Henry Federlin's WWII mementos and letters
"No," she said. "I'd rather read your book."
"It's not in very good shape," I said. "Especially towards the end. It needs a lot of work."
"That's OK," she replied.
I shrugged and brought her a stack of papers.
Barbara Federlin beginning her big read
Up until now I have shared the premise of Half-Truths with the experts I have interviewed and with an handful of writers. No one except a few friends has read beyond the first fourteen chapters.
No one until Barbara insisted.
In three days, interrupted by trips to see our mother and to local museums, my sister read the entire manuscript.
Now I have someone who understands my purpose, who "gets" the scope of my story, and who has a mental picture of my entire book.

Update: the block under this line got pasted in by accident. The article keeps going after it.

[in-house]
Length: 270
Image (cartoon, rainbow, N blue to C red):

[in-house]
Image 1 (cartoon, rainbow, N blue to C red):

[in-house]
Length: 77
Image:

Now I have someone who I can ask if a scene should be deleted or enlarged upon, or if a character has stayed consistent from beginning to end.
She didn't stop to correct grammar, word choice, or tenses. She just read, and gave me the gift of not being able to put it down.
When she finished with tears in her eyes she said, "Good job."
That's high praise coming from my big sister.
The Federlin resemblance is unmistakable
Our father, who taught us to love stories by reading aloud to us when we were little, would be pleased that she took such an interest in mine.
So am I.